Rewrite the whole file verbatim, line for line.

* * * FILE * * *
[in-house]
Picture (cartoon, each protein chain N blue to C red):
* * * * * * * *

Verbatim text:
[in-house]
Picture (cartoon, each protein chain N blue to C red):